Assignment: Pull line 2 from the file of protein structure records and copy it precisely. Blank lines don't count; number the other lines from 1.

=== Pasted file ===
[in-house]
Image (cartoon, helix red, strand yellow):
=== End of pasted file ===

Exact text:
Image (cartoon, helix red, strand yellow):